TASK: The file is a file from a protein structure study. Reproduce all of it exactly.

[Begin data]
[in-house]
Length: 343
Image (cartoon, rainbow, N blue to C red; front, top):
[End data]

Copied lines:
[in-house]
Length: 343
Image (cartoon, rainbow, N blue to C red; front, top):